He made a couple of strong and very heavy drumsticks, the thick ends of which he covered with the skin of a mouse, so that he might thump the keys without damaging them. Then he had a bench fixed along the front of the spinet, about four feet below the keys. On this bench he was placed, and [102] by running as fast as he could from side to side, banging on the keys with his drumsticks, he was able after some practice to play something that he told the King was an English jig. The King and Queen were polite enough to say that they enjoyed it very much.

But Gulliver found that the exercise was too violent and exhausting, and he did not give many performances, which, perhaps, was fortunate. The King might have got tired if he had gone on too long.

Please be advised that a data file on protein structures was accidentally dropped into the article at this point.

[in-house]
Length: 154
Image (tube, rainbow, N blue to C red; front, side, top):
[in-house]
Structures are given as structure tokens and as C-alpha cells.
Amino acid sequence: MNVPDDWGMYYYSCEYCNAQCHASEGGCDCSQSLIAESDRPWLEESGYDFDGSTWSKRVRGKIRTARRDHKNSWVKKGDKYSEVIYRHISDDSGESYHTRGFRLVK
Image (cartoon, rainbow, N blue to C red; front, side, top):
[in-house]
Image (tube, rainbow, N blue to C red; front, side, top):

The people of Brobdingnag were not great readers, though the art of printing was known to them. Even the King's library, which was the largest in the country, did not hold more than a thousand volumes. After Gulliver had learned the language, he used to go very often to this library, where a carpenter had made for him a wide kind of step-ladder, about twenty-five feet high, on which he could stand at any level he pleased, and on which there was room to walk backwards and forwards eight or ten paces.

[103] When Gulliver wished to read one of the books, the librarian had orders to prop it against the wall, and place the step-ladder so that the lowest step was about ten feet distant from the book. Then Gulliver would mount to the top of his ladder, and so, walking backwards and forwards and coming gradually down, he would read a page. With both hands he would then turn the leaf. This was easy to do even when the book was as high as twenty feet, for the paper was not much thicker than paste-board. Then he would again mount to the top step of his ladder, and so continue his studies. In this way he got through a great deal of reading.